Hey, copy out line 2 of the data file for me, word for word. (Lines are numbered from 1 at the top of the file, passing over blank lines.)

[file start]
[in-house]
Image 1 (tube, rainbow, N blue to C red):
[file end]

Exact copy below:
Image 1 (tube, rainbow, N blue to C red):